Russia is deescalating nuclear blackmail, as it has not coerced Kyiv into negotiating – ISW

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In its daily Russian Offensive review, the Institute for Study of War notes that Russian officials began de-escalating their rhetoric regarding the use of nuclear weapons in early November. These references to nuclear war had been on the rise throughout October, with the likely goal being to pressure Ukraine into negotiations and reduce western support for Kyiv.

The Kremlin’s rhetorical shift indicates that senior Russian military commanders and elements of the Kremlin are likely to some extent aware of the massive costs for little operational gain Russia would incur for the use of nuclear weapons against Ukraine or NATO.  After the annexation of Ukraine’s four oblasts, which had probably created a rift in the Russian military leadership, Putin had not publicly defined what now constitutes an attack on Russian territory, according to the think-tank.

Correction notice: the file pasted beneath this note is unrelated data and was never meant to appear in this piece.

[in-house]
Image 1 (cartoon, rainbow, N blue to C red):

“It is possible that senior Russian military officials are equally confused about the application of Putin’s annexation order to existing military doctrine,” ISW notes, clarifying that there are thus far no indications Russia had undertaken any preparatory steps for a nuclear strike.

However, Kremlin-run television shows still air the occasional nuclear threat, which are common in Russia’s jingoistic domestic information space. This tactic is a way to remind domestic audiences of Russia’s might amidst clear military failures on the frontlines, ISW says.

The think tank notes that the Kremlin likely privately clarified its nuclear policies to deescalate with the United States and its allies, but in the future, it will likely conduct future rhetorical nuclear brinksmanship in an effort to prompt the United States and its allies to pressure Ukraine to negotiate. The nuclear threats have not succeeded, however, in pressuring Ukraine to cede to the Kremlin’s demands, and the US and its allies should not undermine Ukraine’s dedication to recapturing all Russian-occupied territories, the ISW says.

 

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